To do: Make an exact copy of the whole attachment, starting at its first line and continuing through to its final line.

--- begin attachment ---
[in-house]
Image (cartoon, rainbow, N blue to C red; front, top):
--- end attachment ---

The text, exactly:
[in-house]
Image (cartoon, rainbow, N blue to C red; front, top):